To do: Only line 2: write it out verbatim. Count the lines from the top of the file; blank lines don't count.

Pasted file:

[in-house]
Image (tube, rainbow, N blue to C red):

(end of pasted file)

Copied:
Image (tube, rainbow, N blue to C red):